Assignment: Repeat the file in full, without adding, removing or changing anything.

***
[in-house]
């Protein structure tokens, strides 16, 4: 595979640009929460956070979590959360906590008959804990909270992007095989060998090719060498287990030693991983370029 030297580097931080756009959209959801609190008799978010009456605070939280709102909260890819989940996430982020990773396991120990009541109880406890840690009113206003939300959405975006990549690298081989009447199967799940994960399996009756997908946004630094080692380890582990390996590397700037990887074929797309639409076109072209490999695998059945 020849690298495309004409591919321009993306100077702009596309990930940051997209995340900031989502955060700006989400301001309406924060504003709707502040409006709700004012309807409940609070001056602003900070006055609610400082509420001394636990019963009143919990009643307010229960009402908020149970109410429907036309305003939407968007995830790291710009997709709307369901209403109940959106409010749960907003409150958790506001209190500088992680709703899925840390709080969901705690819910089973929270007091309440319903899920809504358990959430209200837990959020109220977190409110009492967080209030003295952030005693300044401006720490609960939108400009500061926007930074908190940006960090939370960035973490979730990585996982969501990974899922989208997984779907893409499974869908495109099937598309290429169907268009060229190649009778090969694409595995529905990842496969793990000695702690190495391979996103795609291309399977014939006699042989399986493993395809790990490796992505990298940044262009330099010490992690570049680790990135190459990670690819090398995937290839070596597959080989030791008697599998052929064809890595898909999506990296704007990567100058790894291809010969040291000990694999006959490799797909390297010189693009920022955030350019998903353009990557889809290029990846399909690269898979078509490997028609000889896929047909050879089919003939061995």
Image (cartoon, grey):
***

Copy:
[in-house]
């Protein structure tokens, strides 16, 4: 595979640009929460956070979590959360906590008959804990909270992007095989060998090719060498287990030693991983370029 030297580097931080756009959209959801609190008799978010009456605070939280709102909260890819989940996430982020990773396991120990009541109880406890840690009113206003939300959405975006990549690298081989009447199967799940994960399996009756997908946004630094080692380890582990390996590397700037990887074929797309639409076109072209490999695998059945 020849690298495309004409591919321009993306100077702009596309990930940051997209995340900031989502955060700006989400301001309406924060504003709707502040409006709700004012309807409940609070001056602003900070006055609610400082509420001394636990019963009143919990009643307010229960009402908020149970109410429907036309305003939407968007995830790291710009997709709307369901209403109940959106409010749960907003409150958790506001209190500088992680709703899925840390709080969901705690819910089973929270007091309440319903899920809504358990959430209200837990959020109220977190409110009492967080209030003295952030005693300044401006720490609960939108400009500061926007930074908190940006960090939370960035973490979730990585996982969501990974899922989208997984779907893409499974869908495109099937598309290429169907268009060229190649009778090969694409595995529905990842496969793990000695702690190495391979996103795609291309399977014939006699042989399986493993395809790990490796992505990298940044262009330099010490992690570049680790990135190459990670690819090398995937290839070596597959080989030791008697599998052929064809890595898909999506990296704007990567100058790894291809010969040291000990694999006959490799797909390297010189693009920022955030350019998903353009990557889809290029990846399909690269898979078509490997028609000889896929047909050879089919003939061995």
Image (cartoon, grey):